What’s happening with the Vancouver pot shop list

The state Liquor Control Board started sending out letters this week telling pot shops on the lottery list that they need to move forward in the next 60 days or they’ll be bumped off the list.

Two stores in Vancouver are set to get those letters, but the owner of both, through the company RWZ LLC, said he plans to move forward with them and has already set up meetings with the agency.

RWZ Chief Operating Officer Jim Mullen also told me the two general areas where the company plans to open its stores. One will be in east Vancouver and the other in south-central Vancouver, Mullen said.

One of those should open by the end of the year, he added. The other probably not until early next year.

I’m not sure where the other two stores plan to open. High End Marketplace declined to comment for the story and I’ve not been able to contact Mike Graeff of Mike’s Eastside Drugs.

I’ve heard there may be a store preparing to open near Clark College, but I haven’t heard much besides rumors about that so far.

(inside New Vansterdam)
(Are more stores on the way?)

And of course, the city’s two stores that are open and operating are New Vansterdam, 6515 E Mill Plain Blvd, and Main Street Marijuana, 2314 Main St.

My story from today’s paper is attached below.


State: Some prospective pot shops may get the boot

By Sue Vorenberg
The Columbian

Two prospective Vancouver pot shops that haven’t moved forward with the licensing process will have 60 days to do so before they get bumped off the Liquor Control Board list, a representative of the agency said.

The board began sending letters to 56 of those applicants around the state on Wednesday, informing them that they must schedule an interview with a licensing inspector within that time or their applications will be considered closed.

In an email to The Columbian, Mikhail Carpenter, a spokesman for the board, said the two shops in question are owned by RWZ LLC.

RWZ LLCs two prospective stores are among four potential stores in Vancouver that haven’t yet opened, and there are few details about where any of them are in the process. Only two of the six stores allocated for the city have opened so far: Main Street Marijuana and New Vansterdam.

If two stores get bumped off the list, Main Street Marijuana manager Ramsey Hamide will get one of the new slots. He’s two down on the waiting list under the name RKHAM LLC.

(Ramsey Hamide sits in Main Street Marijuana's lounge area on a break from setting up shelves.)
(Ramsey Hamide sits in Main Street Marijuana’s lounge area.)

Hamide, who’s also in the process of buying the license for Main Street Marijuana from the current owner, said if he gets a slot, he could open a second store within about 30 days of receiving notice.

“I’m personally excited by this news,” Hamide said. “I’m already prepared, with a location picked out.”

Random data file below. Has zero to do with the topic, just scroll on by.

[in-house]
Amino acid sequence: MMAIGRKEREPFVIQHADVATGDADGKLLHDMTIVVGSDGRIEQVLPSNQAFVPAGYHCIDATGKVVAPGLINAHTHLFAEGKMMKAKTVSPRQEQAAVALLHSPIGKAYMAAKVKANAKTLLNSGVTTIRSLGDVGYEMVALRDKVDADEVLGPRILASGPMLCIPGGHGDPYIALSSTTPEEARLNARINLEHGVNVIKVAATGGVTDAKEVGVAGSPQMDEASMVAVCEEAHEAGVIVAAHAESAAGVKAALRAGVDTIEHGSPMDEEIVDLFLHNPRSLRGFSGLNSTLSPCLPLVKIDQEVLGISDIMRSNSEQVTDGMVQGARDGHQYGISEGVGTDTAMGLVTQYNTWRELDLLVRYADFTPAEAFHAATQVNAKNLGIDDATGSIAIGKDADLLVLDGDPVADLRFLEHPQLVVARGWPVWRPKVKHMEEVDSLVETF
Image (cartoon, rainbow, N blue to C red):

He declined to give a specific location, but said the potential store would be in the general area near Northeast 164th Avenue and Mill Plain Boulevard.

Jim Mullen, a partner in RWZ LLC, said despite delays, his shops are moving forward and will open.

“We’ve been in contact with the state since May,” Mullen said. “We’ve had a couple of setbacks, but we’re getting closer.”

The company hasn’t yet received a letter from the state, but did get a call requesting that an interview be scheduled, he said. One of the stores will be in east Vancouver and another will be in south-central Vancouver, he said.

“We’ve been trying, and I think I have found some good properties,” Mullen said. “We’re looking for a long-term business, and so we’re going more slowly. We’re walking, not running.”

A representative from High End Marketplace, another city lottery winner, declined to comment on where the store would be located or how close it was to opening.

The owner of Mike’s Eastside Drugs, the final lottery winner, did not return The Columbian’s calls for comment.

So far, the state has issued 57 retail marijuana licenses, and, as of early this month, 32 of the stores had opened. The state reported pending taxes of $3.5 million on more than $14 million in sales since the first stores opened July 8, despite frequent supply shortages that have forced some shops to close intermittently.

Some applicants that won lottery spots may not have found a viable location or financing for their stores, but others may have just been looking for a payday when they applied, said Becky Smith, the Liquor Control Board’s marijuana licensing manager.

“A lot of people thought they’d be able to sell their license — they’d win the lottery and they’d sell it to the highest bidder,” she said. “People were surprised they couldn’t sell their license until they actually got licensed.”

The state is working to issue licenses that will allow more growers to start producing marijuana and more stores to sell it, but Smith said the foot-dragging by the would-be pot shops is slowing the process. Closing down any applications that aren’t likely to move forward would free up spots for applicants who are further down the list, like Hamide.

In addition to scheduling an interview, the applicants are expected to provide information that will allow the investigator to proceed with financial and criminal background checks.

“They need to set up an interview and have a place they’re going to operate,” Smith said. “It’s time to provide us with names — who are their financiers, who are their true parties of interest.”

Along with the two in Vancouver, five applicants in Seattle, seven in unincorporated King County, five in Snohomish County, and two each in Spokane, Yakima and Walla Walla were on the list. No letters were issued in any of the dozens of cities and counties that have adopted temporary or permanent bans on marijuana businesses, including Clark County, Camas, Ridgefield and Washougal.

Gene Johnson of the Associated Press contributed to this story.